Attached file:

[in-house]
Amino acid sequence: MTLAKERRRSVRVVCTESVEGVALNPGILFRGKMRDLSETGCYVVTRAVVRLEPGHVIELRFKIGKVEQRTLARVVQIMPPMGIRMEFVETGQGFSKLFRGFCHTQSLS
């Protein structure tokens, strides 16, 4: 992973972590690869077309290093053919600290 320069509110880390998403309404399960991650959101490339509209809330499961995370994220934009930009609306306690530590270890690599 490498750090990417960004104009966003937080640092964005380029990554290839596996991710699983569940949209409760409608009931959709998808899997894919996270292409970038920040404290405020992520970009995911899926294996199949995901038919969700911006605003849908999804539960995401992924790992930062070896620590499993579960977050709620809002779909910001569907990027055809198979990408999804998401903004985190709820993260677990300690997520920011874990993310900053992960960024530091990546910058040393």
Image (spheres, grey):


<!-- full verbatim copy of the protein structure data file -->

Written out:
[in-house]
Amino acid sequence: MTLAKERRRSVRVVCTESVEGVALNPGILFRGKMRDLSETGCYVVTRAVVRLEPGHVIELRFKIGKVEQRTLARVVQIMPPMGIRMEFVETGQGFSKLFRGFCHTQSLS
């Protein structure tokens, strides 16, 4: 992973972590690869077309290093053919600290 320069509110880390998403309404399960991650959101490339509209809330499961995370994220934009930009609306306690530590270890690599 490498750090990417960004104009966003937080640092964005380029990554290839596996991710699983569940949209409760409608009931959709998808899997894919996270292409970038920040404290405020992520970009995911899926294996199949995901038919969700911006605003849908999804539960995401992924790992930062070896620590499993579960977050709620809002779909910001569907990027055809198979990408999804998401903004985190709820993260677990300690997520920011874990993310900053992960960024530091990546910058040393």
Image (spheres, grey):